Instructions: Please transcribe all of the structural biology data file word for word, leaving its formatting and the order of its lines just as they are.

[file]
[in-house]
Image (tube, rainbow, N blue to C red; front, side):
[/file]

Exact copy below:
[in-house]
Image (tube, rainbow, N blue to C red; front, side):